When I bought it I figured I could get it to work by filing and smoothing down the feed ramp and then buffing it out on my bench buffer which would probably fix it along with smoothing any burrs on the rails and using some light synthetic grease instead of oil on the rails. To my surprise from the first day I took it to the range, before I did any work on it, that gun has never had a failure of any sort during the 12 years that I've owned it.

    Evidently the guy was either to weak or to afraid of the .40 cal recoil to be able to hold the gun correctly without letting the recoil flip the barrel up and the gun fly back on him which takes away the power needed for it to be able to eject the spent round and the springs to be able to load the next round.

    The Kel-Tec P-3AT .380 also got a bad reputation with the 1st generation model because people just didn't know how to handle the little 7.5 ounce pistol's recoil which is quiet snappy. I have a 1st generation P-3AT that I've carried daily since back around 2003 and again I have never had a failure of any sort with this gun. They're great little guns but they have to be held and held tight...no limp wristing.

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  13. #27
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    Quote Originally Posted by Nifty View Post
    Not to sound snobby, but I've never felt the need to or had to "break in" any HK. Not one problem and I basically abuse my HK range guns.

    But the rest, I've had at least one problem. The most disappointing modern pistol I have is the Sig P938. And a few posters on another board told me I needed to break the gun in. I just dont see a point in shooting hundreds of rounds and then when reaching number X (whatever that is and how does anyone really know), the gun is deemed ready.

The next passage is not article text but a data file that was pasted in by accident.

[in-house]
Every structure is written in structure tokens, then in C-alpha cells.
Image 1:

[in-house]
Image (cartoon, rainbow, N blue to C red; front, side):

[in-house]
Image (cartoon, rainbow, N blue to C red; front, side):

Both my P938 and Micro 9 were a bit finicky until I ran a couple of boxes through them, then they were pretty much consistently reliable after that. Small guns and tight tolerances, so it wasn't a huge surprise. Besides, taking a new gun out and shooting it is half the fun!
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  14. #28
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    Quote Originally Posted by jmf552 View Post
    One observation I will make about over 50 years of shooting Colt, S&W and Ruger revolvers is that I never even think about a need for "break-in" with a wheelgun. You put bullets in it and it shoots. Period.
    I have to say that I have had two recent manufacture S&W revolvers that failed to ignite primers reliably. Both had the cursed internal firing pin.

    This issue has led me to:

    1. Replace the firing pin with an extended pin immediately.
    2. Shop for older guns without internal firing pins.
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  15. #29
    Distinguished Member Array drmordo's Avatar
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    Quote Originally Posted by Nifty View Post
    Not to sound snobby, but I've never felt the need to or had to "break in" any HK. Not one problem and I basically abuse my HK range guns.
    FWIW, I got a police trade in HK USP .40 that ran FMJ ammo fine but blew the mag out of the gun when shooting hot Underwood JHPs. So maybe a "break-in" wasn't required, but an ops test certainly revealed a problem.

    This goes back to my main point in all these threads - you just can't know a gun is reliable with your carry ammo until you test it.
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  16. #30
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    For auto's I just shoot them and keep adding oil until they are so filthy I can't stand handling 'em. By then, they are nicely lapped in.